Yesterday the Wall Street Journal reported (“Germany’s Expensive Gamble on Renewable Energy”) on the high cost of the climate-related energy fanaticism of Germany’s green shirts (why not?), which is now starting to take a tangible toll on the country’s economic competitiveness:
Average electricity prices for companies have jumped 60% over the past five years because of costs passed along as part of government subsidies of renewable energy producers. Prices are now more than double those in the U.S. . .
One government estimate projects the Energiewende by 2040 to cost up to €1 trillion, or about $1.4 trillion, or almost half Germany’s GDP and nearly as much as the country spent on the reunification of East and West Germany. . .
Yet nearly 75% of Germany’s small- and medium-size industrial businesses say rising energy costs are a major risk, according to a recent survey by PricewaterhouseCoopers and the Federation of German Industry. . .
The renewable energy surcharge levied on German households and businesses has nearly tripled since 2010 and now accounts for about 18% of a German household’s electric bill. All told, the subsidies amount to about €24 billion a year, according to Germany’s economics ministry.
So, what country do the climatistas here admire most? Naturally: Germany, precisely because of its policy uber alles approach. Scott and I both wrote here last fall about Ron Binz (“Mercedes Binz”), who Obama wanted to head FERC. (He was even too much for the Democratic Senate.)
Of course, if Germany really cared about greenhouse gas emissions, perhaps they might keep their GHG-free nuclear power fleet operating. As the Journal article shows, Germany really isn’t reducing fossil fuel use very much; renewables are just displacing nuclear. How is that a climate win?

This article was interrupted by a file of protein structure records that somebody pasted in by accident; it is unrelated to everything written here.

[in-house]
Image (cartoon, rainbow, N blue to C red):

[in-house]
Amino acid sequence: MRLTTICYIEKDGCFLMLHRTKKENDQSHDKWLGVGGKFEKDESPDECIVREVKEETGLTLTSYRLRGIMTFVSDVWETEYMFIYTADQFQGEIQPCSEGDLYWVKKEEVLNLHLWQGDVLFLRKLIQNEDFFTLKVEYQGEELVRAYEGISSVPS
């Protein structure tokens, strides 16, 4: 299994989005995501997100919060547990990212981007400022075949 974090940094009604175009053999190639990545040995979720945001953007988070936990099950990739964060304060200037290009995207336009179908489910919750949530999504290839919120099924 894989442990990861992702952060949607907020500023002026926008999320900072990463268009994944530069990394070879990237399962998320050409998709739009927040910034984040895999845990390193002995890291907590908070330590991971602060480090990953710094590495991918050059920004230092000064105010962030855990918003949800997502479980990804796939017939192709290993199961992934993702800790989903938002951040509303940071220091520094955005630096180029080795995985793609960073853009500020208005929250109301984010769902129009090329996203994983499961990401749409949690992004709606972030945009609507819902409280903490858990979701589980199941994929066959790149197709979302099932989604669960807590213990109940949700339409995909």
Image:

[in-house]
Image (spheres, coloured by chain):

Moreover, because of grid instability problems with wind and solar power, and questions over the long-term reliability and cost of Russian natural gas, guess what Germany is going to do? More coal.
Reuters reported yesterday:
Germany will continue to need coal-fired power plants, its energy regulator said, warning that Europe’s biggest economy should not rely solely on renewables or risk increasing exposure to Russian gas as it shuts down nuclear plants.
“Those who call for an end of coal power generation don’t have much interest in a reliable energy policy,” Jochen Homann, president of the Federal Network Agency (BnetzA), told an energy industry conference on Wednesday.
“We will close further nuclear plants; these capacities need to be replaced,” he said, adding that coal power was vital to achieve this.
What both the Journal and Reuters missed in their stories is that Germany is actually building new coal plants. Here’s the map:
How many ways can you say “Greenfail”?
Now the non-trivia question: with all the cheerleading for the explosive growth of renewable energy (and exploding birds at some solar sites as well), what was the fastest-growing source of energy by total output over the last decade? I’ll just let this Bloomberg headline give you the answer:
Coal’s Share of World Energy Demand Highest Since 1970
The findings are another indication that consumers are prioritizing cheap fuels over efforts to rein in greenhouse gas emissions blamed for global warming. Coal is the dirtiest fossil fuel, and use of it expanded at utilities from China to Germany.
Wait, where? Germany? Did you say Germany? Neat trick—using more of the cheapest fossil fuel but having the highest electricity costs in Europe. Starting to make me wonder about German engineering.
Notice: All comments are subject to moderation. Our comments are intended to be a forum for civil discourse bearing on the subject under discussion. Commenters who stray beyond the bounds of civility or employ what we deem gratuitous vulgarity in a comment — including, but not limited to, “s***,” “f***,” “a*******,” or one of their many variants — will be banned without further notice in the sole discretion of the site moderator.